Implementing your agreed approach

The following table sets out nine key steps, associated activities and a proposed timetable for a model implementation process, starting from October 2010.

1. Getting started

By end of October 2010

PCT chief executive and director of adult social services agree that they will work together and provide strategic leadership to the preparatory work. They will identify two or three members of staff who will provide operational leadership and co-ordinate the process (through an Age Discrimination Review Group). These staff should include potential GP commissioners, as well as the lead commissioners for older people’s services, ideally working across health and social care services; equality and diversity leads; personalisation leads and public engagement leads.

It is suggested that the process sets out the approach for the whole health and social care system and is clear about the work to be undertaken by each statutory organisation.

2. Mapping the key steps

By end of November 2010

This small team will decide how the audit tool will be used locally. They will identify the key stakeholders that they want to engage, and start to collect information to support the audit.

The audit tool has been designed for localities to adapt to meet needs and timetables. Localities may want to use the Partnership readiness check [PDF] to help determine whether the local audit can be undertaken on a system-wide basis from the start, or whether an incremental, agency by agency process will work best.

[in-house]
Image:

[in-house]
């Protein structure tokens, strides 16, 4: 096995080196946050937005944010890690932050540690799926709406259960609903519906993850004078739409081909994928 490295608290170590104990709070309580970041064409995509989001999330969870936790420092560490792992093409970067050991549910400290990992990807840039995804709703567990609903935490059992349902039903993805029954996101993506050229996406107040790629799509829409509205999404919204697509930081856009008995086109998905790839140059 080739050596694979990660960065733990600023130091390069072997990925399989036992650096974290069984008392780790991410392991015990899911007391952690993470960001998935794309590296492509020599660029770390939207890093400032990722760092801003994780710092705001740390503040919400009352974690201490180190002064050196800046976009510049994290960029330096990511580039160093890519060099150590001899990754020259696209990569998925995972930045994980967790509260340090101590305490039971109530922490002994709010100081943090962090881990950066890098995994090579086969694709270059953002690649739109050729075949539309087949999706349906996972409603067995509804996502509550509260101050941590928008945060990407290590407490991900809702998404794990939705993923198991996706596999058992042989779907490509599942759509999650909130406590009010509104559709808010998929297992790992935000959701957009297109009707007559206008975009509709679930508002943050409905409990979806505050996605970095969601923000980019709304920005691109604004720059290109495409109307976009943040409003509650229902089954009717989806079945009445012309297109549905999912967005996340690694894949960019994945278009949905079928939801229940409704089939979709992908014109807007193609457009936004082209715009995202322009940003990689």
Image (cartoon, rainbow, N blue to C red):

3. Engaging stakeholders

Ongoing but get started as soon as possible

The audit tool includes material and exercises to help engage stakeholders.

These can be used in existing meetings or during a one-off workshop to bring all relevant stakeholders together to explain the process and what’s involved.

4. Making links with other programmes

Ongoing but complete by end of November 2010

The Achieving age equality review report identified that ending age discrimination would be achieved through a better understanding of age within existing work programmes. This toolkit provides initial suggestions on key links.

5. Collecting data

Ongoing but complete by end of December 2010

The audit tool provides advice on collecting data to help inform the self-assessment process.

6. Undertaking the audit

Complete by end of January 2011

The audit tool contains 50 self-assessment areas that can be used flexibly with providers and partners.

7. Preparing an action plan

Complete by end of April 2011

The insight provided by the audit will enable a plan to be produced outlining system-wide actions and specific actions for each statutory organisation.

The plan will address actions to prepare for the new public sector duty (which will come into effect on 1 April 2011) and the ban on age discrimination (in 2012).

You will find more on planning in the ‘Outcomes and actions’ section, together with a downloadable Action planning template (PDF).

8. Sharing the conclusions


It is suggested that conclusions drawn from the audit and action plan are based on indepth, ongoing discussions with key stakeholders, and that the resulting joint, and any organisation-specific action plans, are presented in public.

9. Reviewing progress

Ongoing but crucially before April 2012

Organisations will want to review progress and can use the audit tool to help with this.

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